On Northwest Boulevard, the Winston-Salem Theatre Alliance stage is being readied for four more musicals as part of the company’s 2019-2020 season.

“The Rocky Horror Show”This cult favorite musical, with music, lyrics and book by Richard O’Brien, ran for nearly 3,000 performances in various venues after its 1973 debut in London. A movie of the story added to its fame.

The musical, a humorous reflection on 1930s science fiction and horror movies, follows a newly-engaged couple who, lost in a storm, fetch up at Dr. Frank-N-Furter’s home. This “mad transvestite scientist” is about to unveil his Frankenstein-like creation, Rocky Horror, with the help of an interesting cast of residents.

“Rocky Horror” is the second of four revisited productions that Jamie Lawson, artistic director, added to the company’s “Feels Like Home” regular season.

“I wanted us to do a slate of shows to remind people why they enjoy coming to visit us so much — that warm feeling when you are surrounded by comfortable people and having a great time, just like home,” he said.

“We selected prior powerhouse shows,” he added, “so that people will remember why they have supported us through the years.”

A number of the most recent cast will reprise roles, including Gray Smith (Frank-n-Furter), John C. Wilson (Brad) and Suzanne Vaughan (Magenta).

One newcomer, Macon Shirley, has performed on numerous stages around the Triad. He is taking on the role of Riff-Raff, the same role that show creator O’Brien played in London and in the movie. It’s also his first time on the Theatre Alliance stage.

“Being a fan of horror B-movies, I’ve always enjoyed the campiness of ‘The Rocky Horror Picture Show,’” he said.

Attending the Theatre Alliance production a few years back, Shirley “… was instantly drawn to the Riff-Raff character because of his quirky characteristics and the familiar ‘Time Warp’ song. So, the challenge for me is to bring the familiar along with my own twist to the character.”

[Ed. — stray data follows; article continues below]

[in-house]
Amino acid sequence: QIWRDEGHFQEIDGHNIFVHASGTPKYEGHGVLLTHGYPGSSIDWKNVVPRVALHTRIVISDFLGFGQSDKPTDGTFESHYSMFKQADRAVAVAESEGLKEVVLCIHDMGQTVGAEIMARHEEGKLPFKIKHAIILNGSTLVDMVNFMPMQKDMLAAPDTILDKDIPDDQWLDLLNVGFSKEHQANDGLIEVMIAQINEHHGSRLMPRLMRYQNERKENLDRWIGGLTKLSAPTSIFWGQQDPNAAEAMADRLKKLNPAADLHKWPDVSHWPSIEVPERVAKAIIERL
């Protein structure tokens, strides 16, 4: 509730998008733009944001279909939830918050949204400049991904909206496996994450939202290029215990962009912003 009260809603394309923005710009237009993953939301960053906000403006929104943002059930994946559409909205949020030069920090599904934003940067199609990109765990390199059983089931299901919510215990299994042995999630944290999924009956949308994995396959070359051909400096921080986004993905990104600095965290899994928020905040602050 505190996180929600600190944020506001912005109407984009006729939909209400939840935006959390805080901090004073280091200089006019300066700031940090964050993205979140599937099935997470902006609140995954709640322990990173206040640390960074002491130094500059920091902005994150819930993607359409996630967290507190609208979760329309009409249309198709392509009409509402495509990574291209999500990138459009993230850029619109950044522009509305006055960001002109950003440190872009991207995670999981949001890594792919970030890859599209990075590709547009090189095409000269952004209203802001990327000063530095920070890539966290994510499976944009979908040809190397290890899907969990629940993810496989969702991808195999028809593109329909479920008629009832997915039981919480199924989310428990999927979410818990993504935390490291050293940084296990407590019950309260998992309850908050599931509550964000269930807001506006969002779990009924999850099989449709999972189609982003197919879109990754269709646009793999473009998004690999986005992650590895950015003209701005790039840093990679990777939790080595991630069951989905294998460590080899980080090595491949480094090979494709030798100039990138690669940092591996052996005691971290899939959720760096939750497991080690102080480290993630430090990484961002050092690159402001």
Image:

“The Who’s Tommy”

“Tommy,” the classic rock opera by English rock group The Who, came out in 1969 and was followed by a spacey 1975 movie. Finally, in 1992, with music and lyrics by Pete Townshend and a book by Townshend and director Des McAnuff, it came on stage with 899 performances in New York City.

“’Tommy’ has an unusual story line,” Lawson said, “but if you’ve seen the movie, you have a hint of the stage version. I find Tommy’s story very plausible based on his trauma in childhood.”

Lawson said, “Frankly, the main catalyst for choosing this musical is the music. Much of it is very catchy, with themes that repeat.”

Jake Messina will play Tommy, along with Donna Schimmenti as Mrs. Walker.


“This one is full of campy, silly humor,” Lawson said.

“Disaster!” is the creation of Seth Rudetsky and Jack Plotnick. A comedic parody of the 1970s disaster films such as “Earthquake,” “The Poseidon Adventure” and “Towering Inferno,” the musical made it to Broadway in 2016 after a couple of trial runs in smaller theaters. The Theatre Alliance version features a large cast of regulars and a few new faces.

“I like to mix in newer offerings when I can along with those that might be considered classics,” Lawson said. “This one has a lot of visual humor, and a whole lot of familiar ‘70s songs.”

“Buddy: The Buddy Holly Story”

In February, Theatre Alliance will revisit another popular musical with this tune-filled look at Buddy Holly near the end of his career.

“Audiences really enjoy the concert feel of this show,” Lawson said. “In my years of directing, I rarely witness something like the last 30 minutes of ‘Buddy,’ which puts audiences in an absolute tizzy. It’s intoxicating to be in the room with all of the energy, really.”

Returning cast members include Gray Smith as Buddy and Omar Sosa as Ritchie Valens. Theatre Alliance regular Troy Hurst joins the cast as Big Bopper.

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